Gloucestershire

William Tyndale bible read aloud over 24 hours

William Tyndale Image copyright Getty Images
Image caption William Tyndale was one of the first people to translate the New Testament into English

A scholar who translated the New Testament into English is being commemorated in Gloucestershire with a 24-hour marathon reading of his bible.

William Tyndale, who was born in the county in 1494, translated the bible from Hebrew and Greek which then became the basis of the King James Bible.

To mark the 150th anniversary of the opening of the Tyndale Monument in North Nibley, the whole Tyndale Bible will be read aloud over 24 hours.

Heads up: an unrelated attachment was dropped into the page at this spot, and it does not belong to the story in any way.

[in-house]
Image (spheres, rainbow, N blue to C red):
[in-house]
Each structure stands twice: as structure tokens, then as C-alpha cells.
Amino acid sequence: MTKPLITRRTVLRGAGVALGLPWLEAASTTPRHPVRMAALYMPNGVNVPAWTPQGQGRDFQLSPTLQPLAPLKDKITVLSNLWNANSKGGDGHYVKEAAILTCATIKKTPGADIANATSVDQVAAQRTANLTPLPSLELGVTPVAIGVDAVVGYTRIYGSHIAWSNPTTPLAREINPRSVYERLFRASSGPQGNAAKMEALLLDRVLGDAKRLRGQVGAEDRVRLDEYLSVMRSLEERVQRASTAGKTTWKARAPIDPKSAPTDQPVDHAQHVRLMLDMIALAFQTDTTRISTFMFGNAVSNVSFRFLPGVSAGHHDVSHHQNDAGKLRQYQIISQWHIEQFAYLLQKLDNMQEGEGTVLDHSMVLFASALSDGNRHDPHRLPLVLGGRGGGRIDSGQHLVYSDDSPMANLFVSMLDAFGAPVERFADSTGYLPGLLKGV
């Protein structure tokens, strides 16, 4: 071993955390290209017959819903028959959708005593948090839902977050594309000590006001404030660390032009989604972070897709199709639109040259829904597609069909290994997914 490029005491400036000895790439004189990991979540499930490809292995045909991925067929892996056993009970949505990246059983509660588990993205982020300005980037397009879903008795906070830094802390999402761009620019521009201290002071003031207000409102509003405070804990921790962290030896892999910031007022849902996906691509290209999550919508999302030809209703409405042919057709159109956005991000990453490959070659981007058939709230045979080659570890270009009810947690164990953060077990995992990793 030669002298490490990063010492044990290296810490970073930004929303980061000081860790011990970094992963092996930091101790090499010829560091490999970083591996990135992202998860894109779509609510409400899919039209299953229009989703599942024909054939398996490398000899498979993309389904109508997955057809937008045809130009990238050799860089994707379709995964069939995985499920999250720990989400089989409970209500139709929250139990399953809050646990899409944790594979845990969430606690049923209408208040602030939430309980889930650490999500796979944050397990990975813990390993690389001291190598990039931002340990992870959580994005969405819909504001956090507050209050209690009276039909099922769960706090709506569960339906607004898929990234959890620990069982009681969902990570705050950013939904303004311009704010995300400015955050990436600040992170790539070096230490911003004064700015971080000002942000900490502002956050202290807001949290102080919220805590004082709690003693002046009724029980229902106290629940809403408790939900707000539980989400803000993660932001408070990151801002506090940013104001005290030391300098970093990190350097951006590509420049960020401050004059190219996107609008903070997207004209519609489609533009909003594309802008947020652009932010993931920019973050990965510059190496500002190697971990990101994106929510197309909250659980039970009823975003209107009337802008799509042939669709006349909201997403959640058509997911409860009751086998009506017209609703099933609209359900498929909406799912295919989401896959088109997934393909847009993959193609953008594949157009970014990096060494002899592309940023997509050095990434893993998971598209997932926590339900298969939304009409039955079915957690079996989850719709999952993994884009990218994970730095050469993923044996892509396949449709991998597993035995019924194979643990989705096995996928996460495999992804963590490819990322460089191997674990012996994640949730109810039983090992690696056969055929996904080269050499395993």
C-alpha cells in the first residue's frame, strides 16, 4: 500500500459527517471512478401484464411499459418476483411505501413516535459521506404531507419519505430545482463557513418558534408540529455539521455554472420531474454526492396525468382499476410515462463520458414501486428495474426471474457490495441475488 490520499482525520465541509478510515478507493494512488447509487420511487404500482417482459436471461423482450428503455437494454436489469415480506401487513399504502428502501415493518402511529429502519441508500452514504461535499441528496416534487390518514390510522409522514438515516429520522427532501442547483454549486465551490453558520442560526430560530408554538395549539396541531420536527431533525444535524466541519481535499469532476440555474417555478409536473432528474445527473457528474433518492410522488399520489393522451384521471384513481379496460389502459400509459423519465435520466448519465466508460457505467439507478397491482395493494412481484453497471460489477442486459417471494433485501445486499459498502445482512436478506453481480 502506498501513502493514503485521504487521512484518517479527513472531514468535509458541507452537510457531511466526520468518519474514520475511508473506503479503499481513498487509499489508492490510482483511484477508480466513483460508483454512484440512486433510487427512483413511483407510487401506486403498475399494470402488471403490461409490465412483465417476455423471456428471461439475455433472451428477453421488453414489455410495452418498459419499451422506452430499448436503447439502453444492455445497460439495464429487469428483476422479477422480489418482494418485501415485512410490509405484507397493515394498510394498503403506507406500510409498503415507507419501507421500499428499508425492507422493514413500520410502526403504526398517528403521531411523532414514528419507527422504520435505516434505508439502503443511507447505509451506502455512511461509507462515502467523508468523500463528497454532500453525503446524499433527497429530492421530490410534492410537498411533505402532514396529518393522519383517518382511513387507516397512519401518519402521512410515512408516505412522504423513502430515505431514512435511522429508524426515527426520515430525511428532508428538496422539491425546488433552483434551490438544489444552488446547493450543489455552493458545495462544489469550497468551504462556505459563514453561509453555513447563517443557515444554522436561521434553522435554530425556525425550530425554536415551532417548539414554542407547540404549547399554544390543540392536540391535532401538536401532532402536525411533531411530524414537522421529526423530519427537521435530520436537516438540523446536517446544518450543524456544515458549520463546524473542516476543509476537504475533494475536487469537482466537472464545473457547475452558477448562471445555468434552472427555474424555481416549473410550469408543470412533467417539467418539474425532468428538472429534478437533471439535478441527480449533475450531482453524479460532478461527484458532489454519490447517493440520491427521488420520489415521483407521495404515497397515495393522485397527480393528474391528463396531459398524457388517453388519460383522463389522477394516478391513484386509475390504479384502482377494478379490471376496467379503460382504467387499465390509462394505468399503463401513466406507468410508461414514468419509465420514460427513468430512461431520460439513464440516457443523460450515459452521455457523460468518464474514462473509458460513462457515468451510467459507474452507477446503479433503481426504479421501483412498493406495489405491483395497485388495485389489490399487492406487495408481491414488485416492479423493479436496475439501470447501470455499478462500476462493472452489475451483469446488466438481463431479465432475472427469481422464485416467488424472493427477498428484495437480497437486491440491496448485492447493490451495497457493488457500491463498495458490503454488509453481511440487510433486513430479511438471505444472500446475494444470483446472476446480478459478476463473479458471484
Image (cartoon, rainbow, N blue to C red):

The reading will begin noon on Friday.

William Tyndale, believed the Bible should be available to every ploughboy and shepherd in the Cotswolds but King Henry VIII disagreed.

Using the printing press to spread his translation, he could produce biblical texts faster than the church could burn them.

But his work was seen as a direct challenge to King and church and he was burnt at the stake in 1536.

Image caption To mark the 150th anniversary of the opening of the Tyndale Monument in North Nibley, the whole Tyndale Bible will be read aloud over 24 hours

Sue Convery, one of the organisers of the 24-hour marathon reading, said: "We don't know exactly where he was born but we know it was in this area and it just means so much to everybody.

"We've got a very old facsimile of the Tyndale Bible, so it's his words, only slighted modernised."

The reading will begin at 12.00 BST on Friday.

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